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  • Writer's pictureThe San Juan Daily Star

Austin taken to hospital for bladder issue

Defense Secretary Lloyd Austin leaves a news conference at the Pentagon in Arlington, Va., Feb. 1, 2024. The Pentagon announced on Sunday, February 11, 2024, that Austin had been taken that afternoon to a military hospital to be treated for “symptoms suggesting an emergent bladder issue.” (Yuri Gripas/The New York Times)

By Edward Wong

The Pentagon announced Sunday that Defense Secretary Lloyd Austin had been taken to a military hospital to be treated for “symptoms suggesting an emergent bladder issue,” and doctors at the hospital later said it was not clear how long he would remain there.

Austin was taken to Walter Reed National Military Medical Center in Bethesda, Maryland, at 2:20 p.m., a Pentagon spokesperson, Maj. Gen. Patrick Ryder, said in the military’s initial statement. He added that the deputy defense secretary and the chair of the Joint Chiefs of Staff had been notified, as well as the White House and members of Congress.

In a second statement Sunday evening, Ryder said that Austin, 70, had “transferred the functions and duties” of his office to the deputy defense secretary, Kathleen Hicks, about 4:55 p.m.

Another statement, issued late Sunday by two senior doctors at Walter Reed, said that Austin had been admitted to the hospital’s critical care unit that night after a series of tests. The doctors, John Maddox and Gregory Chesnut, said it was not clear how long he would be hospitalized.

Last month, Austin spent several days at Walter Reed being treated for complications related to a recent prostate cancer surgery. The doctors said in their statement Sunday that his bladder issue “is not expected to change his anticipated full recovery” and that his cancer prognosis remained excellent.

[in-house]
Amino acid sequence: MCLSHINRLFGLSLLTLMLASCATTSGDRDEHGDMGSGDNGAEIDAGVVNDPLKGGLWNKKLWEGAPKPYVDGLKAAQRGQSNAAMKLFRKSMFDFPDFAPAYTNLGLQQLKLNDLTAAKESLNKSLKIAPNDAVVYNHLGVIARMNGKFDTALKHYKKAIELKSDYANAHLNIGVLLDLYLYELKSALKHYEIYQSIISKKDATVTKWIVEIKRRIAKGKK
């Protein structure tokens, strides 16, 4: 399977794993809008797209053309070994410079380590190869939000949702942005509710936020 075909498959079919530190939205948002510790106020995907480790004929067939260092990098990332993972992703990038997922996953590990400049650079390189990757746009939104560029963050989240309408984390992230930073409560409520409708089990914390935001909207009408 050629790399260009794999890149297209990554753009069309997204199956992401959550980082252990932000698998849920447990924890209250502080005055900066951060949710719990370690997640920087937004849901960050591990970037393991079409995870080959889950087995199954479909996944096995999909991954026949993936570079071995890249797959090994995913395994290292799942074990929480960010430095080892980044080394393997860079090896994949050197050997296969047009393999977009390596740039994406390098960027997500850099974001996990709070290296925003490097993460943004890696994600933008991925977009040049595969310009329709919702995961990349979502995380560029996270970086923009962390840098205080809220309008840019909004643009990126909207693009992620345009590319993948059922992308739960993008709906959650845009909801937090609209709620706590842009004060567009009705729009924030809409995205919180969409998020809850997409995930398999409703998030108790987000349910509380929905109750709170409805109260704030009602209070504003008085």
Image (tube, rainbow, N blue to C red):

The announcements appeared to be aimed at showing transparency around Austin’s medical condition and stressed the fact that multiple top officials across the U.S. government had been informed.

Austin came under widespread criticism last month after initially keeping his hospital visit a secret from top administration officials, including President Joe Biden, the White House national security adviser, the secretary of state and senior officials in the Pentagon, including those immediately under him in the office.

Austin also had not informed the president that he had undergone the original surgery in December.

Lawmakers called for the Pentagon to provide answers on why so many officials were kept in the dark. Biden said on Jan. 12 that he still had confidence in Austin. But when the president was asked whether it had been a lapse in judgment for Austin not to have informed him that he had been out of commission, Biden said, “Yes.”

Austin, a retired four-star Army general and former commander of the U.S. Central Command, had served in the military for more than 40 years when he took the top Pentagon job in 2021. Throughout his career, he has sought to avoid attention and has tried to keep many parts of his life out of the public spotlight.

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